Floritec is, for the supply of cutting material, dependent on the production location of its partner Xclusive in Uganda. Although there are only 54 officially registered infections in the country and nobody has been known to have succumbed to the coronavirus*, the two-week overall lockdown has been extended by another three weeks. This is causing headaches for director Jeroen Ravensbergen.
Preparation and distribution of food on the farm
This lockdown is of an even more far-reaching type than the one in the Netherlands, as commuting is also prohibited, he says. “Our greatest concern therefore lies with our employees. When the strict measures were announced, they were given just one day to decide: do I stay on the farm or do I go home. That choice was theirs, but it means that people are now locked up for another three weeks either on the farm or at home. Everything is going well for the time being, but there certainly are risks.”
It takes some improvisation, but there is a mattress for everyone
Part of the staff has always been living on the farm. By making good use of the available spaces, about 70% of all employees can now stay on the farm. Decent living conditions are guaranteed, according to Jeroen. Sanitary facilities, care and food are all properly arranged. Easter, for example, was also celebrated with an extra festive meal and activities were and are organized for all religious denominations, as far as circumstances permit.
Jeroen states, despite the fact that the location is not close to a big city, but rather concerns small local communities, the authorities maintain a fairly tight control so that no one can commute. “The point is that the lockdown shouldn't take too long. When the crisis started a few weeks ago, demand from our side faltered and also logistics in general. That was a bit of a shock, but now that we have a reasonably stable demand again - 70 to 80% of our starting material finds its way back to regular customers - we can also guarantee work for our people there. That is now more important than ever. Although there are fewer people and though the enthusiasm is great, it still concerns a few hundred workers. If they don't have anything to do, it's not hard to imagine how this could lead to problems.”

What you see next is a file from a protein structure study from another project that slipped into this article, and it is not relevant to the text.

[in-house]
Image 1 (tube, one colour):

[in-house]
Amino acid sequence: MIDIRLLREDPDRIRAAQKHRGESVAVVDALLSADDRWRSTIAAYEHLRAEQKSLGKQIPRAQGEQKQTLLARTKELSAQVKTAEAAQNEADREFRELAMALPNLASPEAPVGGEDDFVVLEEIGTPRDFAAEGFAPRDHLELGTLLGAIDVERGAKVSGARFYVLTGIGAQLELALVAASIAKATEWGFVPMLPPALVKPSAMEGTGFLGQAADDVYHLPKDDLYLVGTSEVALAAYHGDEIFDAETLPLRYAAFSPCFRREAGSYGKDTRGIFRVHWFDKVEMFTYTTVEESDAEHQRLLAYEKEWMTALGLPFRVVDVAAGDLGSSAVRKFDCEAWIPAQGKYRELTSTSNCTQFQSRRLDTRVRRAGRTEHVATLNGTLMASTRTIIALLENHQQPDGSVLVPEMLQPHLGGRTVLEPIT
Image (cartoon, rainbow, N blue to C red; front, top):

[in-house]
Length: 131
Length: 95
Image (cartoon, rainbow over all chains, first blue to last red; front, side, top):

The primary problem, the faltering of international logistics, has more or less been tackled. “It is a lot of figuring out and arranging every day, but, as has been decided, the cargo is too important not to get involved in it. We are faced with strongly changing circumstances, with delays, with new routes and with higher prices, which are indeed tens of percents higher than before. However, this is manageable. Now that our customers have largely recovered, our concerns are mainly for our people in Uganda.”
*figures are from last Tuesday